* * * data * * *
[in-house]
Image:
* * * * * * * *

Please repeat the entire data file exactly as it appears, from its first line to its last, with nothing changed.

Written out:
[in-house]
Image: